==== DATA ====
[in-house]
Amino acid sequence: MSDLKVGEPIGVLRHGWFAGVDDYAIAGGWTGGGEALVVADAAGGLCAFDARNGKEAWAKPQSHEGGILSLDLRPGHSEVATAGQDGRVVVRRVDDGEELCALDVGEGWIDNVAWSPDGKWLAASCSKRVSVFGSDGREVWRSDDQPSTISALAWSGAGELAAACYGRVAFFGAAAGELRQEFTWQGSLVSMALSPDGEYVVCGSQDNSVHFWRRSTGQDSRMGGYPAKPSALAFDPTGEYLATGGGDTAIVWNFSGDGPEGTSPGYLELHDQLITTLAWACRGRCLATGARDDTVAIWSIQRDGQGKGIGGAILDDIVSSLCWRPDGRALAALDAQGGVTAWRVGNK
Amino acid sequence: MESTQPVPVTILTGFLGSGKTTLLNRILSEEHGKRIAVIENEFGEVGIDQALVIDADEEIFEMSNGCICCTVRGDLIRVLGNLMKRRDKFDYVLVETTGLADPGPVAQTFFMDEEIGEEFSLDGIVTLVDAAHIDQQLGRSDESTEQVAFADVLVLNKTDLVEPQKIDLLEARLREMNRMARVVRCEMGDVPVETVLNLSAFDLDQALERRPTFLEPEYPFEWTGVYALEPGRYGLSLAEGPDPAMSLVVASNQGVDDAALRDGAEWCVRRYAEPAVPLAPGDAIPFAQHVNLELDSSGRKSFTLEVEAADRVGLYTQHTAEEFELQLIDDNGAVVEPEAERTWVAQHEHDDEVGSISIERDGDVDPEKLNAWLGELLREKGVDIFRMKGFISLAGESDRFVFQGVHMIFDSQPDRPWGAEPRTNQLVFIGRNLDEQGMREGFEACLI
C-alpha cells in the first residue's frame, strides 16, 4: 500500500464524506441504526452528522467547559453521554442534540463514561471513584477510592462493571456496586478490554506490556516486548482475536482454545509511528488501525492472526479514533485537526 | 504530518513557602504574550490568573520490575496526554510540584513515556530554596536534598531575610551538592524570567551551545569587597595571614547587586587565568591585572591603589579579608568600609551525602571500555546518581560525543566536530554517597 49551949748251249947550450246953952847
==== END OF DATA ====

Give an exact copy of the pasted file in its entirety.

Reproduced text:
[in-house]
Amino acid sequence: MSDLKVGEPIGVLRHGWFAGVDDYAIAGGWTGGGEALVVADAAGGLCAFDARNGKEAWAKPQSHEGGILSLDLRPGHSEVATAGQDGRVVVRRVDDGEELCALDVGEGWIDNVAWSPDGKWLAASCSKRVSVFGSDGREVWRSDDQPSTISALAWSGAGELAAACYGRVAFFGAAAGELRQEFTWQGSLVSMALSPDGEYVVCGSQDNSVHFWRRSTGQDSRMGGYPAKPSALAFDPTGEYLATGGGDTAIVWNFSGDGPEGTSPGYLELHDQLITTLAWACRGRCLATGARDDTVAIWSIQRDGQGKGIGGAILDDIVSSLCWRPDGRALAALDAQGGVTAWRVGNK
Amino acid sequence: MESTQPVPVTILTGFLGSGKTTLLNRILSEEHGKRIAVIENEFGEVGIDQALVIDADEEIFEMSNGCICCTVRGDLIRVLGNLMKRRDKFDYVLVETTGLADPGPVAQTFFMDEEIGEEFSLDGIVTLVDAAHIDQQLGRSDESTEQVAFADVLVLNKTDLVEPQKIDLLEARLREMNRMARVVRCEMGDVPVETVLNLSAFDLDQALERRPTFLEPEYPFEWTGVYALEPGRYGLSLAEGPDPAMSLVVASNQGVDDAALRDGAEWCVRRYAEPAVPLAPGDAIPFAQHVNLELDSSGRKSFTLEVEAADRVGLYTQHTAEEFELQLIDDNGAVVEPEAERTWVAQHEHDDEVGSISIERDGDVDPEKLNAWLGELLREKGVDIFRMKGFISLAGESDRFVFQGVHMIFDSQPDRPWGAEPRTNQLVFIGRNLDEQGMREGFEACLI
C-alpha cells in the first residue's frame, strides 16, 4: 500500500464524506441504526452528522467547559453521554442534540463514561471513584477510592462493571456496586478490554506490556516486548482475536482454545509511528488501525492472526479514533485537526 | 504530518513557602504574550490568573520490575496526554510540584513515556530554596536534598531575610551538592524570567551551545569587597595571614547587586587565568591585572591603589579579608568600609551525602571500555546518581560525543566536530554517597 49551949748251249947550450246953952847